First off, when I became serious about writing in 2008, I had no intention of ever using a pen name. I mean, I worked hard on that story! Everyone needed to know it was mine. I was writing a mix of science fiction and fantasy and happily learning about writing and publishing. I put out a couple of books and then fell in love with the idea of trying to write a Hallmark-style romance.

Just like Agatha Christie, I found it freeing to play with a new genre. I could be someone else while writing. Experience different emotions and adventures than with the sci-fi. When I finished the first romance I decided I needed a pen name. Why? My husband thought it was because I was embarrassed to have written a romance. That wasn't it at all. It was so readers could find exactly what they wanted without getting frustrated or disappointed. Reading is subjective just like all other art. Having made the decision to use a separate name for romance, it was time to pick one.
  • I made a list of names I thought would be a good fit for me, and I googled each one of them.
  • Based on Google searches, I eliminated any names that were already taken by other authors, famous people, too common of a name, and various other things (ex. since I was writing clean romance I didn't want to have any “non-clean” stuff popping up when my name was searched)
  • I continually revised my list until I was happy with the name and it was a fairly clean slate search wise.
My romance name is sort of a personal Easter egg as well. I started writing sci-fi because I love to read and watch that genre. River happens to be the first name of two of my favorite characters of all time—River Song from Doctor Who and River Tam from Firefly. Ford is the last half of my real last name. Easy peasy.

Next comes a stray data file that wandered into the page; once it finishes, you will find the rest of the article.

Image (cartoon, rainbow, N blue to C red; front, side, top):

If you decide to use a pen name, have fun with it. Make it personal. If you choose to let your readers know the real you, the reason why you chose a particular name can be another way they can connect with you.

There are many reasons why you might choose to use a nom de plume for your writing. The choice is as individual as your writing style. Make it work for you. Make it personal. Come back in April to learn about some of the pros and cons of using a pen name.

What other reasons do you think someone might choose a pen name?

About Chocolate Kisses (Eureka In Love Series)
Kerri Manning returns home with only one semester of college left. She's in pain and trying to figure out what to do with a diagnosis that will change her future. It's hard to dream of happiness, but the new guy in town manages to make her laugh. Can she take a chance he'll stick around?

Eric Hunt is an up and coming sculptor who has grown tired of his fake friends in New York City. He finds himself in the small town of Eureka Springs looking for the passion he used to have for his art. Could Kerri be the inspiration he needs?

3 comments:

  1. I've always wondered, do you submit the work to an agent under the pen name or reveal your true name?

    ReplyDelete
    Replies
    1. That would be up to you, but if things progress to a contract you would be signing that with your legal name. You have to ask yourself what the goal would be for querying with or without the pen name. Are you seeking validation for your writing separate from a well-known platform, or are you trying to avoid the embarrassment of an earlier flop? If neither of these are the case, I don't think it will matter how you query. Just stick to it until you need to discuss pen names with the agent.

      Anyone have other thoughts on this?

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    2. Anonymous5:13 PM EST

      I think I read somewhere once--not sure if it was from an agent or an author--that you should sign queries you plan to put out under a pen name "Real Name, writing as Pseudonym" (only, filled in with your names. Obviously).
      I'm sure that's not the only way to do it, but it seems like a fairly simple and transparent solution. You could also send the book out under your real name and bring up a pseudonym with an agent after they take you on as a client.